CARICOM And Constitutional Reform

By J. K. Roberts

Press Release #112/2012 from the Secretariat of Caricom in May of 2013, on the judgement of the Eastern Caribbean Court of Appeal (ECCA) in respect of the process to be followed by St. Lucia to provide for the Caribbean Court of Justice (CCJ) as that country’s final court of appeal, would have left more ‘sour taste’ in the minds and mouths of conscious persons on the ‘modus operandi, sentiments and expressions’ of Caricom. Two main points purported as the Conclusion of the ECCA, which the Secretariat unreservedly welcomes, are highlighted in the Release; that is, the St. Lucian Constitution clearly contemplates and provides the freedom to St. Lucia to establish a court in common with other states or countries and that St. Lucia was empowered to enter into such an agreement on its own and the relevant Bill would not be subject to a referendum. The Release also tends to reiterate confidence in the CCJ by the Secretary-General of Caricom, and makes reference to the move by Prime Minister Roosevelt Skerritt of Dominica seeking permission from the British Government for Dominica to sever ties with the London-based Privy Council in order to join the CCJ.

What really is been implied by the ECCA about the freedom of St. Lucia to make changes to its Constitution and also by Secretary-General Ambassador Irwin LaRocque that the judgment of the ECCA is a seminal one in the progress towards more countries accepting the appellate jurisdiction of the CCJ? Virtually all of the Independence Constitutions of the Commonwealth Caribbean countries has this freedom enshrined but this provision by itself is not ‘straight and sufficient’ for accepting the CCJ whose role may not be in question; freedom is not ‘absolute’, without qualifications and conditions. The essential issue is not merely about ‘freedoms and rights’ for Constitutional Reform but it should also be about ‘appreciation and responsibility’ for proper procedures and for the dignity of the masses.

There is nothing which is special, substantial, strange nor spectacular about the Press Release. It would have been much better for the entire ECCA Ruling be placed on the Internet in the public’s domain, in an effort to educate the masses towards making informed decisions on the Issue. In fact, good intention on the part of the Secretariat of Caricom should be to have it directing all of its Member-States to establish websites with their national constitutions for the familiarisation and perusal of all; and especially to have the provisions dealing with the Judiciary and the Final Appellate Court, as well as the prerequisites for Constitutional Reform, critically and objectively commented-on by intellectual persons. Above all, the public must not be misled by the Release since, as it is understood, the ECCA Ruling is of a ‘legal opinion’ which is not from a Court debate.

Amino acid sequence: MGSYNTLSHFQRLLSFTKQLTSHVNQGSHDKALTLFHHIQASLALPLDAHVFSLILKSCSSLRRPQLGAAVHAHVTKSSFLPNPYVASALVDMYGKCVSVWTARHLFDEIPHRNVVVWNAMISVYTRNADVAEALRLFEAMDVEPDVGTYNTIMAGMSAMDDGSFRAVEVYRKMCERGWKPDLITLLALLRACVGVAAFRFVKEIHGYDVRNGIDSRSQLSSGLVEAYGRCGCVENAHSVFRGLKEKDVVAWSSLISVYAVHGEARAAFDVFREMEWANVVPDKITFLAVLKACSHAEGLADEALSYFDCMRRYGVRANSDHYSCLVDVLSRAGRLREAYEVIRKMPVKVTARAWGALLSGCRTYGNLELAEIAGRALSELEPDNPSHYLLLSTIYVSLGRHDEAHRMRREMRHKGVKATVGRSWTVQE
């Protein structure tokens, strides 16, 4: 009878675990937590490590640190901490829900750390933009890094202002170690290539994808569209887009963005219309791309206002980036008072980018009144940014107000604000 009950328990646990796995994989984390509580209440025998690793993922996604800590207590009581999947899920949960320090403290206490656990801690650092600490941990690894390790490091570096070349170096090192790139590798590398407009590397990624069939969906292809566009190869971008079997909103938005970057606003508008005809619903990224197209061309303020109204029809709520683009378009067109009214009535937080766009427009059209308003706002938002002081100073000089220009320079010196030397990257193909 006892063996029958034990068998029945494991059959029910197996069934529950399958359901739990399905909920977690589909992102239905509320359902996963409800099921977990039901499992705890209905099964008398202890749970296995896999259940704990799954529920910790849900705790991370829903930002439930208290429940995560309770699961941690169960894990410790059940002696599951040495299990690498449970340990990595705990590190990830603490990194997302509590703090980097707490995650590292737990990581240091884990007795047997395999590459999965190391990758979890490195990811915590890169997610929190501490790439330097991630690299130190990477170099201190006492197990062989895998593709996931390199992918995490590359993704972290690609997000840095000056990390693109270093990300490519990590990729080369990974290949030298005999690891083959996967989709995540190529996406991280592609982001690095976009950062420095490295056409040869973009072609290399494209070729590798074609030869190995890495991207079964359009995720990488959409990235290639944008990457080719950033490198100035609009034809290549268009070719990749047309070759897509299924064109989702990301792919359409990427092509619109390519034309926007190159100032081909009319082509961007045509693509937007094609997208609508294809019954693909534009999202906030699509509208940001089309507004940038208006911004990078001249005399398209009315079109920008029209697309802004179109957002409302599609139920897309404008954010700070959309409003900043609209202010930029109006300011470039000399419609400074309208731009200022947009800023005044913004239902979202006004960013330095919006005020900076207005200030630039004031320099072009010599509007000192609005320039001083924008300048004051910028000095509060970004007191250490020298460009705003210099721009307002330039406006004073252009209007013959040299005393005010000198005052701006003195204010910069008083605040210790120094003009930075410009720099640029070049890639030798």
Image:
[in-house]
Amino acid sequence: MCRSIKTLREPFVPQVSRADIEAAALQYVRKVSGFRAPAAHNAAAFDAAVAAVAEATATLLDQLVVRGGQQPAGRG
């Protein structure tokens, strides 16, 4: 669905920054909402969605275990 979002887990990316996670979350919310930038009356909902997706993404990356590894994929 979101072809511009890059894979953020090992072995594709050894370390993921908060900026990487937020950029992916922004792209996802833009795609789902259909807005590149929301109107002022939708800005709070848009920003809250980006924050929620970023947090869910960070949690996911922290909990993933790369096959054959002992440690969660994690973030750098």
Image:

One would further wonder if Caricom, the ECCA and the Government of St. Lucia have not read the Ruling of the Privy Council in February 2005 on the passing of ordinary legislations to have the CCJ as the Final Court of Appeal in Jamaica and also have not studied the professional reviews on the verdict, as well as other pertinent presentations such as the one done in May 2003 by Attorney Donovan Jackson of Jamaica entitled Privy Council Wins Appeal?, who examines, advises and writes extensively on matters of Appeal Courts, the CCJ and the Privy Council (jamaicansforjustice.org). Where are the well-researched analytical papers by Caricom’s Legal Affairs Committee, on the scope and significance of these developments and positions?

It sounds rather ludicrous to promote, after over three decades of ‘sovereign governance’, that a constitution is in error; notwithstanding that with most arrangements, provisions, rules and transactions, faults are usually discovered only upon its implementations. But even if an opinion is been sought on any possible errors in the constitution, the ‘courteous and meaningful’ thing to do is to return to the ‘negotiators and framers’ of that constitution, as the Supreme authority for rationales and redress. The Independence Constitutions have been declared and regarded as being ‘sacrosanct and final’, although they are subject to changes upon strong ‘arguments, convictions and determinations’. It is highly unlikely for errors to be associated with the contents of the Constitutions, as opposed to deficiencies and weaknesses which would occur in them. Issue of errors with the Constitutions will result from the interpretations and applications of the provisions of the Constitutions. Anyhow, it would be interesting and instructive to be aware of any court judgement concerning any error in a national constitution within the Commonwealth Jurisdiction; and even to ascertain the errors, barriers, or reasons which would inhibit Constitutional Reform for such a country.

In giving the impression that indeed an error exists in the St. Lucian Constitution and that a referendum is not necessary for St. Lucia’s accession to the CCJ, the ECCA would have bypassed deliberations as to whether or not a referendum is required in the process of correcting that error. Any amendment in the Constitution, even in the form of a correction to a judicial or an administrative error, needs the understanding and support of the masses. Moreover with the revelation of the error, it is now incumbent on and opportune for the peoples of the Caribbean to scrutinize their various Constitutions for any irregularities, inconsistencies and loopholes which would have being robbing them of Good Governance. In fact, the late Constitutional Law Professor, Grenadian Dr. Simeon C. R. McIntosh widely published and defended the view that although the Commonwealth Caribbean has Republican Constitutions, for the most part this status is not reflected or is not realised in the system of governance being practised.